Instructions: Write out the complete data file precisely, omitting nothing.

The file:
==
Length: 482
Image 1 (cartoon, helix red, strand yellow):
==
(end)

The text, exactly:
Length: 482
Image 1 (cartoon, helix red, strand yellow):